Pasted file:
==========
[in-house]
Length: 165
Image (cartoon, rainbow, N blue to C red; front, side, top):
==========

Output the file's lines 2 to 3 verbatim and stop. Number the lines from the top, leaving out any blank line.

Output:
Length: 165
Image (cartoon, rainbow, N blue to C red; front, side, top):